First, lets define a generic function for ridge regression similar to the one defined for simple linear regression. The Python code is:

```from sklearn.linear_model import Ridge
def ridge_regression(data, predictors, alpha, models_to_plot={}):
#Fit the model
ridgereg = Ridge(alpha=alpha,normalize=True)
ridgereg.fit(data[predictors],data['y'])
y_pred = ridgereg.predict(data[predictors])

#Check if a plot is to be made for the entered alpha
if alpha in models_to_plot:
plt.subplot(models_to_plot[alpha])
plt.tight_layout()
plt.plot(data['x'],y_pred)
plt.plot(data['x'],data['y'],'.')
plt.title('Plot for alpha: %.3g'%alpha)

#Return the result in pre-defined format
ret = An error has occurred; the feed is probably down. Try again later.
ret.extend([ridgereg.intercept_])
ret.extend(ridgereg.coef_)
return ret```

Note the ‘Ridge’ function used here. It takes ‘alpha’ as a parameter on initialization. Also, keep in mind that normalizing the inputs is generally a good idea in every type of regression and should be used in case of ridge regression as well.

Now, lets analyze the result of Ridge regression for 10 different values of α ranging from 1e-15 to 20. These values have been chosen so that we can easily analyze the trend with change in values of α. These would however differ from case to case.

Note that each of these 10 models will contain all the 15 variables and only the value of alpha would differ. This is different from the simple linear regression case where each model had a subset of features.

Python Code:

```#Initialize predictors to be set of 15 powers of x
predictors=['x']
predictors.extend(['x_%d'%i for i in range(2,16)])

#Set the different values of alpha to be tested
alpha_ridge = [1e-15, 1e-10, 1e-8, 1e-4, 1e-3,1e-2, 1, 5, 10, 20]

#Initialize the dataframe for storing coefficients.
col = ['rss','intercept'] + ['coef_x_%d'%i for i in range(1,16)]
ind = ['alpha_%.2g'%alpha_ridge[i] for i in range(0,10)]
coef_matrix_ridge = pd.DataFrame(index=ind, columns=col)

models_to_plot = {1e-15:231, 1e-10:232, 1e-4:233, 1e-3:234, 1e-2:235, 5:236}
for i in range(10):
coef_matrix_ridge.iloc[i,] = ridge_regression(data, predictors, alpha_ridge[i], models_to_plot)```

This would generate the following plot: Here we can clearly observe that as the value of alpha increases, the model complexity reduces. Though higher values of alpha reduce overfitting, significantly high values can cause underfitting as well (eg. alpha = 5). Thus alpha should be chosen wisely. A widely accept technique is cross-validation, i.e. the value of alpha is iterated over a range of values and the one giving higher cross-validation score is chosen.

Lets have a look at the value of coefficients in the above models:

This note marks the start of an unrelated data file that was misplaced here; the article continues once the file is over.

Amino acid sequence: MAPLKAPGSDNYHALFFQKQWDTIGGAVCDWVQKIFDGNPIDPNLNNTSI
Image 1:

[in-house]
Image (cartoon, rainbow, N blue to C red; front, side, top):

Python Code:

```#Set the display format to be scientific for ease of analysis
pd.options.display.float_format = '{:,.2g}'.format
coef_matrix_ridge```

This straight away gives us the following inferences:

1. The RSS increases with increase in alpha, this model complexity reduces
2. An alpha as small as 1e-15 gives us significant reduction in magnitude of coefficients. How? Compare the coefficients in the first row of this table to the last row of simple linear regression table.
3. High alpha values can lead to significant underfitting. Note the rapid increase in RSS for values of alpha greater than 1
4. Though the coefficients are very very small, they are NOT zero.

The first 3 are very intuitive. But #4 is also a crucial observation. Let’s reconfirm the same by determining the number of zeros in each row of the coefficients data set:

Python Code:

`coef_matrix_ridge.apply(lambda x: sum(x.values==0),axis=1)`

This confirms that all the 15 coefficients are greater than zero in magnitude (can be +ve or -ve). Remember this observation and have a look again until its clear. This will play an important role in later while comparing ridge with lasso regression.

## 4. Lasso Regression

LASSO stands for Least Absolute Shrinkage and Selection Operator. I know it doesn’t give much of an idea but there are 2 key words here – ‘absolute‘ and ‘selection‘.

Lets consider the former first and worry about the latter later.

Lasso regression performs L1 regularization, i.e. it adds a factor of sum of absolute value of coefficients in the optimization objective. Thus, lasso regression optimizes the following:

#### Objective = RSS + α * (sum of absolute value of coefficients)

Here, α (alpha) works similar to that of ridge and provides a trade-off between balancing RSS and magnitude of coefficients. Like that of ridge, α can take various values. Lets iterate it here briefly:

1. α = 0: Same coefficients as simple linear regression
2. α = ∞: All coefficients zero (same logic as before)
3. 0 < α < ∞: coefficients between 0 and that of simple linear regression

Yes its appearing to be very similar to Ridge till now. But just hang on with me and you’ll know the difference by the time we finish. Like before, lets run lasso regression on the same problem as above. First we’ll define a generic function: